What is wonderful around this district of London is that it’s not just all about the quaint and graceful. There are some beautiful large imposing buildings too.

The central entrance to the Arto Deco building that was once the Godfrey Philips cigarette factory.

Art Deco lines, Spitalfields

A brick triangular 5-storey building in Spitalfields resembling New York's Flat Iron Building.

Spitalfields own little Flat Iron building

Spitalfields Market

Old Spitalfields Market is stylish, quirky and has such a relaxed and friendly atmosphere, I loved it.
 
There is a market here seven days a week offering that little something different. Either in retail therapy or if you fancy sampling some food that mirrors the diversity of London, this is where to head.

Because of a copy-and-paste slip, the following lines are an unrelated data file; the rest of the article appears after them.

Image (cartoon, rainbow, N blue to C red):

A stall within the Spitalfields market on selling all manner of Bric-a-brac.

From globes to mallets

The fruit and veg market that once stood here has moved out further east to Leyton. However, traders have been operating here since 1666, the year of the Great Fire of London.
 
We stepped into the covered market, and I couldn’t wait to go and explore, so much so that I lost Gary on several occasions.

A hat stall on Spitalfields market, selling a wide range of second-hand headwear.

You can never have too many hats

A stall selling all sorts of unique items, some in glass display cases, within the Spitalfields market.

Finding that unusual gift

Whether it’s because of its location in the East End of London, but it certainly attracted people from all walks of life. From the very young to very old, from bohemians to the older EastEnders. Some of which appeared to be unsure of what to make of it.